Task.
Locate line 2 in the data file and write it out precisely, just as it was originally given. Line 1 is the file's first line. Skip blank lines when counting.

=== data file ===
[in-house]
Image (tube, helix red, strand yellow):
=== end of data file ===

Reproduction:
Image (tube, helix red, strand yellow):